I often read and, up until recently, when an internet addiction destroyed my ability to engage with texts exceeding 600 words, I mainly read the branch of literary fiction that commonly includes a central or supporting character one might define as ‘difficult woman.’ She is usually headstrong, emotionally intense, sexually active and intelligent. She has a career – or else she doesn’t have a career but gets into all sorts of trouble doing exciting things like being a suffragette or refusing to have sex with rich and powerful men or being locked up in secure units of mental health institutions and forced to take cold baths. She is often beautiful and wont to fall in love, but the men she falls in love with are entirely unsuitable or die young or possess the disposition of what we in South East London call ‘wrong ‘uns’. Thus she is rarely married and, if she is, it always ends in disaster.
Once I finish reading these books I’ll pass them over to my mother who, without fail, will call me to discuss the plot and say, ‘I’m really enjoying it.’ And then, also without fail, she’ll mention how much she likes the difficult woman character and say, ‘you know what Kate, she really reminds me of you.’
I hope my mum means this as a compliment, but knowing her I reckon she probably does not. She is speaking truth, which is her thing. My mum really believes I am one of the headstrong, beautiful women who just cannot find a man able to both intellectually stimulate and impregnate her, but who gets through life winning anyway.
And I make my mum right.
I have no qualms in confirming that if my life were a book my character would conform to the difficult woman archetype. I’m intense, emotionally unstable, occasionally sexually active and, as you’ll know, I am sharp as a tack. Like the archetypal DW I excel in drunken flirtation, tearful public confrontation and, as an added bonus, I am very bad at housework. This is why all my favourite male friends are gay and I am no longer on speaking terms with anyone I have ever had sex with.
Having discussed it with another single difficult woman over the weekend I would like to draw your attention to the reasons why we difficult women are prone to single life. As me and my mate decided, after two bottles of red, these reasons are that men can’t handle it – or else they can but then we have to settle for less than we’d wish to or sacrifice the part of ourselves where the fire burns. ‘As soon as I get involved with a guy’ my friend said, ‘that creative part of me shrinks to make room for him.’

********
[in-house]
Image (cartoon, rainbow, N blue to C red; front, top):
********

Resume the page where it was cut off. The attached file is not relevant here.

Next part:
There are very few alpha males who are willing to fuel our fabulous by letting us shout at them and cooking us meals and telling us we are unique and wonderful and that they loved us all along, even when they were pretending to be indifferent and callous (difficult women do not fall for betas). Alpha males usually try to change us, so that we might fill the role left void by their mother. We do not fall for that shit. So they find someone who will and continue to fuck us on the side, until the situation becomes untenable for everybody involved.
I would like to remind you that difficult women are extremely capable and very good company. We can drink whisky on the rocks without wincing; we can decorate our own house thank you very much and sort out our own orgasms and yours as well if necessary. We can annihilate authority figures who are rude to us or people in general who refuse to give us exactly what we want.
But we’re not great at getting a second date. I don’t know why. You’d be fucking lucky to have us.
You probably can’t though.
Those are the generic conventions of literary fiction I’m afraid.
Not that this is a fiction. For the most part, I’m totally sincere.
*Image from http://weheartit.com. As ever, contact me if you are the copyright owner and you have beef. As ever, I’d like to remind you that I do not have the finances to make legal action worth your while.